Bryan Moss wrote:
> Billy Brown wrote:
> > > How do you measure Defects per LOC exactly?
> > Total number of defects found / total lines of source code in the
> > project. [...]
> At what time do you count the defects? And what is a 'defect' exactly?
In essence, a defect is anything that makes the program different from the spec it is built to. It could be anything from a bug that crashes the program to a typo in a dialog box. Different organizations classify them differently, and make different decisions about borderline cases, but all of the more organized software companies have fairly good written standards that their development teams must use.
The important thing, however, is to make sure that you use the same methodology from one project to the next. That way you can use the numbers as an actual measure of changes in your own code quality. Comparisons to other organizations are a bit less informative, both because standards vary somewhat and because different companies use different programming languages. However, you can still make very rough comparisons (if company A gets 100 defects per KLOC in C++, and company B gets 500 defects per KLOC, it probably isn't just a difference in definitions).
If you are seriously interested in this sort of thing, I'd suggest the following books as an introduction to serious software engineering:
Software Project Survival Guide
The last is by far the least technical of the three.
> I'm thinking more along the lines of Apple's Opendoc, RIP. The components
> only make up apps at the user-end. At the moment a programmer can employ
> bits of Office or IE into his apps but the user can't do the same. If I
> have a spellchecker in Office and I want to use it in my mail program I
> can't. In both my mail program and Office I'm using text, I'm writing in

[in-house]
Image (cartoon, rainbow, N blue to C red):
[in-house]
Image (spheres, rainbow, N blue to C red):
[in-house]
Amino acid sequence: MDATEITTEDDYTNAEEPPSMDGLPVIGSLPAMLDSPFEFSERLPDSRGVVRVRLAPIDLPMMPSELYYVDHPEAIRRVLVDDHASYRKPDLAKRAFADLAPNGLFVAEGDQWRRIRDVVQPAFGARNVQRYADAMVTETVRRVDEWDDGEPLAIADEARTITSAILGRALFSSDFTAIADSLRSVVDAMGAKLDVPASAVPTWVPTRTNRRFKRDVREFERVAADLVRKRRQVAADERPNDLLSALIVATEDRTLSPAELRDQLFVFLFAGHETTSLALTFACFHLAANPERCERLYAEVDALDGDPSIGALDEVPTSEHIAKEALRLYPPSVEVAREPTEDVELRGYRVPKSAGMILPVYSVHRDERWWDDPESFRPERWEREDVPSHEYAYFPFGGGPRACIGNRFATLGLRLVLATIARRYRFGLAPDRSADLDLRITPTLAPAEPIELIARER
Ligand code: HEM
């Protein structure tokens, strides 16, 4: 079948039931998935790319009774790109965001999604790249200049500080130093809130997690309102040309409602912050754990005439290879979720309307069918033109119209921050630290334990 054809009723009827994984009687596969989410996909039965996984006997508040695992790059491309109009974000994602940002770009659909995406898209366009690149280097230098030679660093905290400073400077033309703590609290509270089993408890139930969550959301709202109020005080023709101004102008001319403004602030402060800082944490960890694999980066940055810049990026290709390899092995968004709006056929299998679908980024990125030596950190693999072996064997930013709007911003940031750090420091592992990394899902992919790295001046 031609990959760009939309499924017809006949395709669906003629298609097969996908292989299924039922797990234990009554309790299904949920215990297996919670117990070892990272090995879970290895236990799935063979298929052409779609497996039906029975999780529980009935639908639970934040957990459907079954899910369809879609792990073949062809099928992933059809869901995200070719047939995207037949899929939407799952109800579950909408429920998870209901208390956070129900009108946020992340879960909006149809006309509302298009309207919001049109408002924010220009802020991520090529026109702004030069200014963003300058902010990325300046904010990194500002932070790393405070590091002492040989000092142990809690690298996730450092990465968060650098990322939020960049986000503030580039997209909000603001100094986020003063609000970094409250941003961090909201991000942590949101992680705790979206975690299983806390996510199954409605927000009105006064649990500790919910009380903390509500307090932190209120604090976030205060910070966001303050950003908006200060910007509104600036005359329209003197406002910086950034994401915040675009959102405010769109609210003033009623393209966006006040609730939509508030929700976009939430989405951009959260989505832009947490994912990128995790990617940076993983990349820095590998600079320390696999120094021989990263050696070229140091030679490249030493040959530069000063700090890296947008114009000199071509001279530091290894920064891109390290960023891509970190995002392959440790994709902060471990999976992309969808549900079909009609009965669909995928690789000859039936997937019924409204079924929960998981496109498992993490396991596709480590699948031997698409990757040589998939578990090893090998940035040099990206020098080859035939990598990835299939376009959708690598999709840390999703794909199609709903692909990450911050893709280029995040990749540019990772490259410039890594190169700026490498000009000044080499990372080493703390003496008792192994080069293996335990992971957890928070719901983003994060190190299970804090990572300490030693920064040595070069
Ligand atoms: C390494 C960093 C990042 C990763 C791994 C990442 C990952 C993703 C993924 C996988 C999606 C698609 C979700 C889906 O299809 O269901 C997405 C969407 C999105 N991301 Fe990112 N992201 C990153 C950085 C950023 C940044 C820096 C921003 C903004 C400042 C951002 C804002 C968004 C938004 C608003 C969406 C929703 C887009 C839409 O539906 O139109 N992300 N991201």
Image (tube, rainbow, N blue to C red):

> English, and yet unless the programmer has hardwired the ability to use
> Office spellchecker COM object in to my mail program I can't do this very
> simple thing. In order to do this the UI would have to be created on the
> fly and you would need strict rules for how components are designed.
Unfortunately, there are good reasons why OpenDoc never went anywhere.
Your first problem is that it introduces truly horrendous user interface
problems. Either the UI has to be capable of handling any possible
component (in which case the components will be too standardized to allow
for much innovation), or the components get to draw their own windows (which
leads to dialog-box hell).
Your first problem is that it introduces truly horrendous user interface problems. Either the UI has to be capable of handling any possible component (in which case the components will be too standardized to allow for much innovation), or the components get to draw their own windows (which leads to dialog-box hell).
Your second problem is that most users don't want things to work that way. They don't want to have to figure out how to juggle the various components on their computer, picking the right combination for whatever it is they are doing at the moment. They want you, the programmer, to do that for them. Thus, such a system doesn't have much appeal for users. Since most programmers don't want it either (I'd rather invoke the component through code), that doesn't leave you with much of a market.
Billy Brown, MCSE+I